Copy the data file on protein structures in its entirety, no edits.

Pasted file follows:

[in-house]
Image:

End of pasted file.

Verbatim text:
[in-house]
Image: